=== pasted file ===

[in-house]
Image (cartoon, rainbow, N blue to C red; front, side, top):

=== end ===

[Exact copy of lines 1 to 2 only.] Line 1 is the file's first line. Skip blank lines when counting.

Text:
[in-house]
Image (cartoon, rainbow, N blue to C red; front, side, top):